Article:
Stay clear of the CCC (cheapo chinese crap) gensets.* I tried to talk myself into buying one for the bus but fortunately didn't succomb to the lure of the low price.* Last week we had an extension cord strung across the float to a fellow cruiser who bought a CCC set less than a year ago.* He said it made about 6 hours.* That pretty well matches what I learned when I was considering one of them.* Most telling for me was the retail places I found that used to sell the units but no longer carry them.* If you watch there's old Onans out there but you have to move quick because they don't stay on the market long.* I ended up finding a 6.5 Onan J series for the bus.* I also briefly considered the quiet Hondas but by the time you pay the price for one of them or better yet one of the Yamahas you might as well buy a real used diesel.
"The bitter taste of low quality lingers long after the sweetness of a low price has faded."
First up, panels extend battery life by keeping them well charged, saving you money longterm. When you walk onto the boat your batteries should be always full. Charged batteries seem to accept charge more easily.These advantages alone makes them worthwhile.
Rebel`s experience of panel output is what you`d aim for. You should at least be able to run a refrigerator off the panels. Friends with about 300watts of optimally located panels on a 32ft yacht can run 2 Danfoss powered reefers 24/7; so successful are their panels it took them a long time to realise the alternator on the auxiliary engine had failed.
You won`t run an espresso machine or vacuum cleaner but you can do a lot with panels,and you can add more as you need them.
Be sure to use good multi-stage regulators, and install inline fuses just before the battery connections.*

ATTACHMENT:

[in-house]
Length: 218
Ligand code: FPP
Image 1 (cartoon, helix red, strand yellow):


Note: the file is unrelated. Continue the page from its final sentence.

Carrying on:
Avoid the cheap Chinese generators. Not reliable and the decibel output can be grossly understated.
-- Edited by BruceK on Tuesday 14th of February 2012 06:14:00 PM
I guess what I am seeing in replies, is that we are now talking lifestyle as much as whether we have a genset of some description or SP or a combination. We have a 30lt tank which we have for hot water and while it is not scolding hot by the 2nd day it is more than adeqate for our needs. We also dont stand under the shower and let the water run constantly but rather wet down, switch off, soap up and rinse off. For us this is as much about conserving our water resource that has to be ferried to the boat in the dingy as anything. Again in our neck of the woods marinas are scarce and expensive.
Peter your idea of wind generation is one I have been watching for a while and I believe there are some new carbon fibre blades that cut down the noise. I guess they are no noisier than some gensets I have heard running all night to keep air conditioning and other electrics going and certainly no noisier than a Honda 2000eu on a boat close to us on our mooring that runs almost constantly.
Rebel, mine has the new (hence black) carbon fibre blades, and when putting out ~ 10 amps is say 10 kn of wind, the swishing sound it makes is about the same as say one of those electric weed-eaters - here in Aus they call them whipper-snippers - ie basically an electric edge trimmer for lawns, with a nylon line as a blade. About as loud as that, with a very low level whine from the motor. We have had visitors sleep in the saloon, which is quite close to it as you can see, and on quite windy nights, no trouble at all.
I guess what I am seeing in replies, is that we are now talking lifestyle as much as whether we have a genset of some description or SP or a combination.
That's absolutely the message I was trying to convey.* You can choose to live a solar lifestyle but it is very difficult to choose to use solar power for your existing lifestyle.* And forget about wind.* Unless you're a lot different than us we choose our anchorages to avoid wind.